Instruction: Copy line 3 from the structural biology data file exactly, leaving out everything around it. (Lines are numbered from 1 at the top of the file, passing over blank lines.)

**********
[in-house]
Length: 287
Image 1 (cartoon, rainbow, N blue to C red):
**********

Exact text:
Image 1 (cartoon, rainbow, N blue to C red):